# Newton

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## Newton

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1. Newton (unit) - Wikipedia, the free encyclopedia Page 1 of 3 Newton (unit) From Wikipedia, the free encyclopedia The newton (symbol: N) is the SI derived unit of force, named after Isaac Newton in recognition of his work on classical mechanics. Contents 1 Definition 2 Examples 3 Common use of kilonewtons in construction 4 Conversion factors 5 See also 6 References Definition The newton is the unit of force derived in the SI system; it is equal to the amount of force required to accelerate a mass of one kilogram at a rate of one metre per second per second. Algebraically: [1] Examples 1 N is the force of Earth's gravity on an object with a mass of about 102 g (1⁄9.8 kg) (such as a small apple). On Earth's surface, a mass of 1 kg exerts a force of approximately 9.80665 N [down] (or 1 kgf). The approximation of 1 kg corresponding to 10 N is sometimes used as a rule of thumb in everyday life and in engineering. The force of Earth's gravity on a human being with a mass of 70 kg is approximately 687 N. The dot product of force and distance is mechanical work. Thus, in SI units, a force of 1 N exerted over a distance of 1 m is 1 N·m of work. The Work-Energy Theorem states that the work done on a body is equal to the change in energy of the body. 1 N·m = 1 J (joule), the SI unit of energy. It is common to see forces expressed in kilonewtons or kN, where 1 kN = 1 000 N. Common use of kilonewtons in construction Kilonewtons are often used for stating safety holding values of fasteners, anchors and more in the building industry.[2] They are also often used in the specifications for rock climbing equipment. The safe working loads in both tension and shear measurements can be stated in kN (kilonewtons). http://en.wikipedia.org/wiki/Newton_(unit) 10/3/2009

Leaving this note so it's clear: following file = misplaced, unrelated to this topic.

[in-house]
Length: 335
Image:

2. Newton (unit) - Wikipedia, the free encyclopedia Page 2 of 3 1 kN equals 101.97162 kilograms of load, but multiplying the kN value by 100 is a good rule of thumb. [3] Conversion factors Units of force newton kilogram-force, dyne pound-force poundal (SI unit) kilopond 1 N ≡ 1 kg·m/s² = 105 dyn ≈ 0.10197 kp ≈ 0.22481 lbf ≈ 7.2330 pdl 1 dyn = 10−5 N ≡ 1 g·cm/s² ≈ 1.0197×10−6 kp ≈ 2.2481×10−6 lbf ≈ 7.2330×10−5 pdl 1 kp = 9.80665 N = 980665 dyn ≡ gn·(1 kg) ≈ 2.2046 lbf ≈ 70.932 pdl 1 lbf ≈ 4.448222 N ≈ 444822 dyn ≈ 0.45359 kp ≡ gn·(1 lb) ≈ 32.174 pdl 1 pdl ≈ 0.138255 N ≈ 13825 dyn ≈ 0.014098 kp ≈ 0.031081 lbf ≡ 1 lb·ft/s² The value of gn as used in the official definition of the kilogram-force is used here for all gravitational units. Three approaches to mass and force units System Gravitational Engineering Absolute Force (F) F = m·a F = m·a/gc = w·a/g F = m·a Weight (w) w = m·g w = m·g/gc ≈ m w = m·g Units English Metric English Metric English Metric Acceleration (a) ft/s2 m/s2 ft/s2 m/s2 ft/s2 m/s2 Mass (m) slug hyl pound-mass kilogram pound kilogram Force (F) pound kilopond pound-force kilopond poundal newton See also Force gauge International System of Units (SI) Joule, SI unit of energy, 1 newton exerted over a distance of 1 metre Kilogram-force, force exerted by Earth's gravity at sea level on one kilogram of mass Pascal, SI unit of pressure, 1 newton acting on an area of 1 square metre References 1. ^ "Table 3. Coherent derived units in the SI with special names and symbols (http://www.bipm.org/en/si/si_brochure/chapter2/2-2/table3.html) ". The International System of Units (SI). International Bureau of Weights and Measures. 2006. http://www.bipm.org/en/si/si_brochure/chapter2/2- 2/table3.html. 2. ^ http://www.shakshienterprises.com/steel-fasteners.html#application1 3. ^ http://www.convertunits.com/from/kilonewtons/to/kilograms-force Retrieved from "http://en.wikipedia.org/wiki/Newton_(unit)" Categories: Units of force http://en.wikipedia.org/wiki/Newton_(unit) 10/3/2009